Thursday, 31 January 2013

DH Chipmunk - The Best Toy I Ever Played With!

Summer 1975. As a rather young air cadet I had my first flight in a De Havilland Chipmunk. This is an aircraft that first flew in 1946, and which was designed to be the replacement for the Tiger Moth. We are talking seriously old technology, even by 1970s standards. Prince Phillip learned to fly in Chipmunks.

No. 5 Air Experience Flight (AEF) was an RAF(VR) unit that operated out of Marshalls airfield, a civilian establishment near Cambridge, at that time. For us cadets, a Chipmunk flight was just about the best thing in the world. We had about 15 minutes of instruction on how to jump out of the thing in an emergency, (we were supposed to climb out of the cockpit, then crawl across the wing, and launch ourselves into thin air with one hand on the ripcord). We then strapped on a parachute and climbed into the front seat. Like in the Tiger Moth, the instructor sat in the rear seat. I don't imagine that health & safety laws would allow 14 year olds to do stuff like that now.

But the most delicious moment was when the instructor declared over the r/t "You have control"! You cannot imagine how that felt. A real Royal Air Force plane - albeit World war 2 technology - and I, a 14 year old in a leather flying helmet, was in control of it. Banking, climbing, resisting the urge to try dive bombing, calling out height and airspeed as we were told to do. I was ready to set an easterly course and take on the whole Soviet Union. For 30 minutes, I was Douglas Bader.The instructor landed it of course, but if he had let me then I would have willingly given it a go. 14 year old boys are immortal, you see.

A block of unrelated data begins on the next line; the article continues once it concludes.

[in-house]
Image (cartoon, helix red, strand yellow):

I did more flights in Chippies over the next couple of years, but if I live to be 100 I will remember to my dying day every moment of that first flight.

There are still loads of Chippies in the air. 5 AEF still exists, but it is based at RAF Wyton now. During my service, Canberras operated out of Wyton, (the Rugby player Rory Underwood flew out of there in the 90s). Canberras were part of my life because they had two uses in my time: photo recce (and air cameras were my main job), and target towing out of Akrotiri in Cyprus, on armament practice camp. The Canberra was a beauty, and another Cold War warrior.

Great days indeed. And I was there....


  1. With you all the way there.

    My Chipmunk flights were at RAF Shawbury, and at annual camp 1976 - RAF Valley. Our ATC squadron CO got a flight in a Gnat - the Red Arrows were based there (temporarily) at that time.

    In ATC days, did you do your gliding course in open top Sedbergh and Kirby Cadet gliders? Bloody draughty in Dec. 1974!

    As you say, great days.

  2. I remember those gliders well. And a friend of mine has just restored a T2, and it is back in the air!